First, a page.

AHP Managing Editor Amanda McLeod Reviews Courtney LeBlanc's 'Beautiful & Full of Monsters'

Wildlings, today our Managing Editor Amanda McLeod shares her thoughts on Courtney LeBlanc's forthcoming collection Beautiful & Full of Monsters, available for pre-order now from Vegetarian Alcoholic Press. (Pre-orders are on a discount too, so now's the time!)

Courtney LeBlanc’s Beautiful & Full of Monsters is about love. Not just its beauty, but the gritty reality of it - the hurt, the heartbreak, the darkness, and understanding that sometimes what we think is love turns out to be something very different. LeBlanc takes us on a journey through the pain, the desire, and the well of optimism that keeps us looking, tells us ‘it’s still out there’.

The book is divided into three sections. The first, ‘Monsters’  begins as a chronicle of a disintegrating relationship, marred by the cycle of abuse and apology. LeBlanc examines the darkest moments, the paralytic fear, the sense of being trapped.
Does he break me in every
she asks, poignantly capturing  the perspective of the survivor: understanding the situation, and yet helpless to escape. Her few moments of release are torn from her every time her husband finds one of them. Her journal is destroyed, her letters read, her personhood brought into question. But leaving is just not that easy. A standout moment in this first section is ‘Tide’, in which the speaker turns to a friend:
She nods slowly and the memory rises
over me, the water rushing in.
How I complained
of his temper, how unhappy I was
but unable to express it, how words
were marbles in my mouth – I tried
to talk around them without any falling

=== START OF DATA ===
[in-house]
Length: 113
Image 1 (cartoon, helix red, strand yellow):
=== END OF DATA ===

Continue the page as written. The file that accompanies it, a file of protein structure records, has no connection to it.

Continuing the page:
The unspoken words say so much about this relationship between two friends; the quiet acceptance from someone who doesn’t quite understand, but acknowledges that their acceptance and support are still meaningful and important. The speaker’s gained strength feels visceral, and no more so than in the final poem of this section, when she passes the new girlfriend with indifference.

In the second section, ‘Full’, we see the bloom of something new, but the first sweet flush of a new lover is still shadowed by the ghosts of the past. LeBlanc wonders at the fleeting nature of love, pondering its permanence and engaging in a complex push-pull dance in which desire and fear are unable to decide which is leading:
He sleeps beside me,
quiet and content. I stare at the dark sky, wondering
if we’ll still be together
for the next full moon.

‘Beautiful’ is the final section and here Courtney shows us the balance; how to stand on the see-saw without falling, to recover without falling. There’s loss and passion and recovery; self-worth sends small shoots up through the cracks of realisation:
And I think I have to find joy that I can have every day.
That I’m not constantly fighting for.

Courtney LeBlanc’s poetry in this book is predominantly free verse, with gentle nods throughout to various poetic devices. She uses gentle repetition in ‘Past Lover’ to emphasise the passage of time, and in ‘I Guess We’ll Have To Be Secretly In Love’ the repeated phrase is a juxtaposition of loss and beauty. This poem also uses interesting line breaks and layout to jar the beautiful language it is composed of, pulling the reader through as it spirals to its conclusion. The poems vary in length from small gems to full page creations and there is plenty of variation to keep the reader engaged, including a beautiful haibun piece. Stanzas break at exactly the right moment, allowing the reader to draw breath before plunging back in. LeBlanc excels at rich imagery and it’s easy to see the pictures she draws with her words, whether island paradise or lightning storm.

Beautiful & Full of Monsters is an intensely real collection of contemporary poetry. As her title suggests, the pages are haunted by monsters, but there is a quality about her reflections and quest for equilibrium that can absolutely be called beautiful.